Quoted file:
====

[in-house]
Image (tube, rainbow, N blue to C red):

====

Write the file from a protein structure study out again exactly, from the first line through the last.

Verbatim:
[in-house]
Image (tube, rainbow, N blue to C red):